I have a 20-month-old male Maltipoo. I can't get him to stop peeing and pooping in the house. He uses the pee pads most of the time. But I don't know how to get him to let me know he needs to do his business, so I can let him outside. I don't have a yard, but I have a patio. I have fake grass on the patio, and the door for him to get there is open all day. But he still pees and poops in the house on the pee pads.
I have tried removing the pee pads and cleaning the floor, but he still goes to where they usually are and does his thing. I have bells on the front and patio doors, have shown him how to ring them, and have taken him out immediately after. When I walk him (usually every two to three hours), he does pee and poop outside most of the time. The vet says he is in good health with no physical problems. I want to get rid of the pee pads and live an everyday life again. Will this ever happen? He's a stubborn little guy who doesn't seem to get it. I'm so tired of cleaning up after him. Help!
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— Carol, Las Vegas, Nevada Arias
Until now, when your dog has had the urge, he's walked over to a pee pad to relieve himself. So, he is not thinking of letting you know he needs to go out because he's never been trained to do that. Add to this equation that pee pads are specially scented to attract dogs, and you can see why your Maltipoo doesn't signal the need to go outside.
Here is what I suggest you do: You're doing the right things by walking him every few hours and cleaning the floors to remove the odors. Use an enzymatic cleaner to remove all the waste particles, so no scent is left behind in your house.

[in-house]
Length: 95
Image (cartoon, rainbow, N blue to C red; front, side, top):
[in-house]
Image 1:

Next, put one pee pad outside on the patio and one pee pad in the house in one of its usual spots. Move the pee pad in the house a few inches closer to the patio door each day. Take your time with this step; getting the pee pad to the door could take weeks.
During this process, buy a clicker (a training tool) and train him to understand what it means (they only cost a few dollars.) Say his name, and when he looks you in the eyes, click the clicker and give him a treat. The clicking noise marks the behavior you want him to learn and lets him know he is about to get a treat. Next, teach him to “sit” using the clicker. Repeat these sessions throughout the day. When he understands the meaning of the clicker, you're ready for the next step.
When the pee pad is close to the patio door, use the clicker anytime you see him walk towards the patio door. He should immediately look at you and approach you for his treat. Now open the patio door, let him outside, and encourage him to pee. If he still pees on the pee pad, use that opportunity to clicker train him to "pee" on command, so he learns to relieve himself whenever you say, "go potty."
Move the pee pad a few inches across the patio door threshold each day until it is partly out the door and partly in the house. Once the pad is entirely outside, move it a few inches daily until it's near your artificial grass. Keep the pee pad next to your grass for at least a week or until you know he is using it exclusively. At that point, cut the pad into smaller pieces each day until it's just a small patch of pad. Put that patch on or near the artificial grass to lure him to the spot. Over time, he should grasp that he is supposed to pee in the area with the patch of pee pad.
Leave the bells on the door, so he eventually connects the sound with his need to go out.
I know this all sounds convoluted and time-consuming. But it takes time – and lots of incremental steps – to untrain a dog to do something he has always done and learn something new. If you’re patient, the result will be a newly trained dog who knows to “go” outside and not in the house.
(Cathy M. Rosenthal is a longtime animal advocate, author, columnist and pet expert who has more than 25 years in the animal welfare field. Send your pet questions, stories and tips to email@example.com. Please include your name, city, and state. You can follow her @cathymrosenthal.)